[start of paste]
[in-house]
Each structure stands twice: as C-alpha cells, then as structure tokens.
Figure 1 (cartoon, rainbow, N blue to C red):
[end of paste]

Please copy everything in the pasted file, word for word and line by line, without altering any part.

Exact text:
[in-house]
Each structure stands twice: as C-alpha cells, then as structure tokens.
Figure 1 (cartoon, rainbow, N blue to C red):